Back to homepage

Tag "Chemistry"

Cleaner Catalysts: Saving the world, one nanoparticle at a time

Cleaner Catalysts: Saving the world, one nanoparticle at a time

From catalytic converters found in cars to the enzymes that catalyze life processes in our bodies, catalysts and catalysis play a large role in shaping our daily lives. Though these chemicals are the reason our cars work, they can be

Read Full Article
A Breath of Fresh Air on the Design of Lithium-Air Batteries

A Breath of Fresh Air on the Design of Lithium-Air Batteries

We’ve all been there before: waking up at the crack of dawn, taking a sip of coffee, and trudging all the way to class or work only to realize that our cell phone never got charged last night. Blame it

Read Full Article
Four-Dimensional Sequencing

Four-Dimensional Sequencing

Researchers study organisms’ genomes using a process called ribonucleic acid sequencing (RNA-seq), which gives a holistic picture of what genes that organism’s cells are expressing.  Recently, Yale PhD candidate Jeremy Schofield and colleagues working in Associate Professor Matthew Simon’s lab

Read Full Article
It’s Getting Hot in Here

It’s Getting Hot in Here

Global warming takes its toll on sea turtles Sea turtles are the latest species affected by the rising temperatures characteristic of global warming. Researchers at the National Oceanic and Atmospheric Administration (NOAA) fisheries have shown that the rising ocean temperatures

Read Full Article
Q&A: How Cold Can Water Get?

Q&A: How Cold Can Water Get?

Way colder than you’d think! In fact, water doesn’t always freeze when the temperature reaches zero degrees Celsius, the value regularly cited as the freezing point of water. Under certain conditions, water can undergo “supercooling” and exist in a liquid

Read Full Article
Making the most of twists and turns: Harvesting mechanical energy with carbon nanotube yarns

Making the most of twists and turns: Harvesting mechanical energy with carbon nanotube yarns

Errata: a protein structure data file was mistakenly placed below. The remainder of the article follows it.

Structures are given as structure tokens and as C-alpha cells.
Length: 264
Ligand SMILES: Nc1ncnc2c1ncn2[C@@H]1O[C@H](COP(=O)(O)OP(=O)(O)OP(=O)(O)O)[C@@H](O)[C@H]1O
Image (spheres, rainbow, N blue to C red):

American and South Korean scientists have developed carbon nanotube yarns that convert twisting and stretching motions into electrical signals. The applications range from wearable sensors to harnessing the energy of ocean waves.

Read Full Article
Undergraduate Profile: Alexander Epstein (SY ’18): Peering into the mind of a future leader in science

Undergraduate Profile: Alexander Epstein (SY ’18): Peering into the mind of a future leader in science

Yale senior Alex Epstein (SY ’18) discusses how he developed his interest in biology and research, from his childhood experiences at the Museum of Natural History to his research at Yale.

Read Full Article
Real-Time Imaging of Dynamic Surfaces: A new microscope images surfaces 5000 times faster

Real-Time Imaging of Dynamic Surfaces: A new microscope images surfaces 5000 times faster

Researchers at the École Polytechnique Fédérale de Lausanne, Switzerland, have constructed a new microscope that can be used to observe chemical reactions on surfaces at the molecular level, 5000 times faster than current microscopes.

Read Full Article
Pesticides, Honey, and Dead Bees: Global honey contamination with neonicotinoids

Pesticides, Honey, and Dead Bees: Global honey contamination with neonicotinoids

A team of researchers from University and Botanical Garden of Neuchâtel constructed a global map of honey exposure to a class of pesticides termed “neonics,” showing that 75% of all samples were contaminated with the pesticides.

Read Full Article
Fighting Fungi by Capturing Sugars

Fighting Fungi by Capturing Sugars

Scientists from the Yale Chemistry Department have developed a new small molecule that bolsters the body’s own immune system against fungal infections.

Read Full Article